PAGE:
Terrestrial Desert Biomes

Terrestrial Biome – Desert

Desert biomes cover about one fifth (20 percent) of the earth’s land area. There are four different types of desert biomes – hot and dry, semi arid, coastal and cold deserts. The different desert types are scattered around the world on different continents. The four major North American deserts are the Chihuahuan, Sonoran, Mojave and Great Basin, these are hot and dry deserts.

Others outside the U.S. include the Southern Asian realm, Neotropical (South and Central America), Ethiopian (Africa) and Australian deserts.

Some deserts get both very hot during the day and very cold during the night, when temperatures can drop well below freezing. Some deserts, however, are always cold, for example, the Gobi Desert in Asia and the desert on the continent of Antarctica. As with all biomes, the desert climate is determined by geographic conditions. Geographic conditions such as location, high atmospheric pressure and proximity of mountain ranges determine just what type of desert it is.

Hot and Dry Deserts

These deserts are hot and dry all year round. These receive very little rainfall in winter months. The largest hot and dry desert is northern Africa’s Sahara Desert, it covers roughly 3,500,000 square miles (9,065,000 square kilometres).

Semi Arid Deserts

The major deserts of this type include the sagebrush of Utah, Montana and Great Basin. They also include the Nearctic realm (North America, Newfoundland, Greenland, Russia, Europe and northern Asia). The summers are moderately long and dry and like hot deserts, the winters normally bring low concentrations of rainfall. Summer temperatures usually average between 21 – 27° Centigrade. Temperature do not normally go above 38° Centigrade and evening temperatures are cool, at around 10° Centigrade. Cool nights help both plants and animals by reducing moisture loss from transpiration, sweating and breathing.

Coastal Desert

These deserts occur in moderately cool to warm areas such as the Nearctic and Neotropical realm. A good example is the Atacama of Chile. The cool winters of coastal deserts are followed by moderately long, warm summers. The average summer temperature ranges from 13 – 24° Centigrade and winter temperatures are 5° Centigrade or below. The maximum annual temperature is about 35° Centigrade and the minimum is about -4° Centigrade. In Chile, the temperature ranges from -2 to 5° Centigrade in July and 21 – 25° Centigrade in January. The average rainfall measures 8 – 13 centimetres in many areas. The maximum annual precipitation over a long period of years has been 37 centimetres with a minimum of 5 centimetres.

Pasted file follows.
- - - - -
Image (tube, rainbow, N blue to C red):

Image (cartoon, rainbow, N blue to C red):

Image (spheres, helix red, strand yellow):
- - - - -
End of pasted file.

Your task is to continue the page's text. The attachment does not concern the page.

Cold Desert

These deserts are characterized by cold winters with snowfall and high overall rainfall throughout the winter and occasionally over the summer. They occur in the Antarctic, Greenland and the Nearctic realm. Cold deserts have short, moist and moderately warm summers with fairly long, cold winters. The mean winter temperature is between -2 to 4° Centigrade and the mean summer temperature is between 21 – 26° Centigrade. The winters receive quite a bit of snow. The Antarctic desert is the largest cold desert in the world, measuring 14,000,000 kilometres squared.

Animals that live in the Desert Biome

Different animals live in the different types of deserts. Animals that live in the desert have adaptations to cope with the lack of water, the extreme temperatures and the shortage of food. To avoid daytime heat, many desert animals are nocturnal. They burrow beneath the surface or hide in the shade during the day, emerging at night to eat. Many desert animals do not have to drink at all, they get all the water they need from their food. Most desert animals are small.

Rarer, but important, are physiological adaptations such as aestivation (dormancy during summer), the absence of sweat glands, the concentration of urine, localized deposits of fat in tails or humps and salt glands to secrete salt without loosing fluids.

Reptiles with their waterproof skin, production of uric acid instead of urine, hard-shelled eggs and ability to gain body heat directly from the sun and to retreat to shade or underground to avoid heat are exceptionally well adapted to drylands and, not surprisingly, diverse there.